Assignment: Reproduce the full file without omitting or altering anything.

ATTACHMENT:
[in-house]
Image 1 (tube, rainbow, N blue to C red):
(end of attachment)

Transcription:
[in-house]
Image 1 (tube, rainbow, N blue to C red):